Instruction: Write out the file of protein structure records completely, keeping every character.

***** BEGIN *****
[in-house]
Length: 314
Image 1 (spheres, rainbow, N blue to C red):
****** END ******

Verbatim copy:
[in-house]
Length: 314
Image 1 (spheres, rainbow, N blue to C red):